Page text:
Many of the pests that cause damage to trees, wood and other wood products catch rides to new habitats on wooden packaging used for shipping common consumer goods, auto parts and other products.
One of these pests is the Emerald Ash Borer.
Here's what you need to know about this destructive wood pest.
- Who: The emerald ash borer (Agrilus planipennis) is a small emerald green beetle that feeds on ash trees. The borer is a type of beetle that is metallic green in color. It has a slender body and measures approximately 1/2" in length. Normally found just under the bark of ash trees, an average sized adult can fit on a penny.
- What: The emerald ash borer is an extremely destructive plant pest that damages trees. Since its arrival, the emerald ash borer has been responsible for the death and decline of tens of millions of ash trees. One of the most frustrating things about the emerald ash borer is that it is very difficult to determine whether an ash tree is or is not infested due to the gradual decline.
- Where: The emerald ash borer's native habitat is China and eastern Asia. The ash borer is believed to have arrived in North America, specifically Michigan, by hiding in wood packing materials. The emerald ash borer has now been detected in 13 U.S. states including: Illinois, Indiana, Kentucky, Maryland, Michigan, Minnesota, Missouri, New York, Ohio, Pennsylvania, Virginia, West Virginia, and Wisconsin as well as some parts of Canada.
- When: While the exact arrival date of the emerald ash borer into the U.S. is unknown, it was first identified in 2002 in Michigan. Within a couple of years, the emerald ash borer had spread to Ohio, Indiana, and Illinois. Scientific communities believe that the beetle may have been living in the United States for up to 12 years before it was identified.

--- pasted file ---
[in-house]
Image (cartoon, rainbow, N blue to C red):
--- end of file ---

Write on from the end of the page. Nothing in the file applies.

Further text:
- Why: Since the greatest threat of spreading the emerald ash borer is by transporting freshly chopped wood (firewood and/or packaging), many states now have quarantine procedures. The quarantine is for wooden packaging and it requires ash lumber to be treated prior to crossing state lines. The U.S. Department of Agriculture took this action to prevent the spread of the emerald ash borer to non-infested areas of the United States.
Help stop the spread of the emerald ash borer in the industry and in your neighborhood.
It's important that you encourage people outside of our industry, like your friends, family, and neighbors, to help stop the emerald ash borer. Stopping the pest on all levels will benefit the wood packaging industry.
- Don’t move firewood
When we move firewood, we unknowingly contribute to the spread of the beetle. The larvae of the emerald ash borer hides under the bark of firewood. The best way to prevent the spread via firewood is to not move the wood and to buy local firewood.
- Visually inspect your trees
The best way to stop an infestation is early detection. The symptoms of an emerald ash borer infestation are usually dead branches near the top of the tree, leafy sprouts growing from the lower trunk, or bark splits with s-shaped tunnels.
- Spread the word
Talk to your neighbors about the emerald ash borer.
- Know your State and Federal regulations
It is important to understand these regulations. If you have any questions, the wood packaging experts at Nelson can help you navigate the latest emerald ash borer quarantines set by the USDA.
- Ask questions
If you purchase any ash wood product or firewood, make sure you question its origin.
Do you have an experience with the Emerald Ash Borer or similar pest? Share your pest issues with us by commenting below.
Post by: Jonathan Haynes, Nelson Sales Representative